2014 Buick LaCrosse is a luxurious, comfortable ride
Buick, the brand, is on a roll. Conquest sales are up, meaning there are far more people who are new to buying any GM car coming into dealerships and walking out with a new Buick. Building cars like the 2014 Buick LaCrosse and steadily improving quality and customer satisfaction is working to attract new customers.
For the 2014 model year, Buick's biggest American sedan receives a mild face-lift and a revised interior with some new color choices and content. Outside, the front and rear end get a little crisper, with LED taillights that evoke the style of the Hyundai Equus; that's not a bad thing, as both the Equus and LaCrosse are attractive cars. Up front, a new grille and headlights keep things fresh and attractive. The overall look is still clean but chunky: This is a big car and there's no disguising that.
Inside, this latest LaCrosse is more refined than before. Material quality, which was good in the 2013, is even better in the 2014 thanks to the addition of an Ultra Luxury Package. The Sangria deep red leather and instrument panel trim with genuine dark ash wood and charcoal carpets look fantastic in this age of "greige" interiors, and they're a welcome improvement on the still-available (and still odd) Choccachino brown-and-blue trim option.
Even more notable inside the new LaCrosse is the clean redesign of the center console and gauge cluster. Modern Buicks had been suffering from an overabundance of flat black plastic buttons, but the new LaCrosse shows that GM has been listening to customers' complaints with a simplified console that regroups and redesigns everything into a much more usable, user-friendly design. Seventeen hard-to-read buttons have been pared down to just seven. Climate controls and seat heater/cooler buttons have been moved into touch-sensitive panels, which is a slick way to disguise features that are missing in lesser trim models without having to resort to using button "blanks."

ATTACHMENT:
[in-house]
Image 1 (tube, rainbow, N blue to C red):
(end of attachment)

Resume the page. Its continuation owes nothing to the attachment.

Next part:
The Buick IntelliLink multimedia system in the center console works well and is one of the simpler systems to use on sale today. However, its touch-screen is positioned a little high and forward, requiring a bit of a stretch to reach some of its functions. A new gauge cluster behind the steering wheel is also digital, and it provides several reconfigurable modes that are accompanied by an optional head-up display in full color projected onto the windshield.
Upping the refinement goes beyond the interior updates to the driving experience as well.
Buick talks about quiet tuning, and it's not just advertising mumbo jumbo. The car is wonderfully silent at speed and around town, with just a faint burble coming from the 3.6-liter V-6 engine's exhaust (a 2.4-liter four-cylinder with eAssist is standard, but the V-6 is a no-cost option). Acceleration is smooth, but not overly quick. Given the heft of the car, it doesn't feel like there is 304 horsepower under the hood. One never lacks for passing power, but it's evident that this is more of a touring sedan than a sport sedan, meant for soaking up miles in comfort rather than blasting down back roads.
Steering is well-tuned, with precise on-center feel and excellent feedback. Road imperfections are well-damped; you can hear them, but you don't much feel them, and they send back no nasty vibrations through the steering wheel. Switch the gear shift to Sport mode and the steering rate and shock tuning supposedly get firmer and more aggressive, but I was unable to discern any appreciable difference in the car's behavior.
At the end of the day, the new LaCrosse is not about sporting pretense. It's about quiet, safe luxury for not too much money. The base price for the new 2014 LaCrosse is $34,060, including a $925 destination fee, and includes equipment such as Buick's IntelliLink multimedia system, an 8-inch reconfigurable gauge cluster display screen and eight airbags. The Ultra Luxury Package adds $2,495, and all the safety system bells and whistles are available in two Driver Confidence packages.
Driver Confidence I includes forward collision alert, blind spot warning, lane change departure warning, rear cross-traffic alert, a head-up display and high-intensity-discharge headlights for $2,125. Choosing that means you can then choose Driver Confidence II, adding adaptive cruise control, a safety alert seat that vibrates to notify you of various warnings and an automatic collision preparation system for $1,745. A variety of wheel sizes are available, from 17 inches up to 20 inches, and all sizes in between. The vehicles I tested cost just over $47,000 completely loaded, which is a good price for a big sedan that easily matches the Lexus ES in refinement and blows it away in electronics sophistication.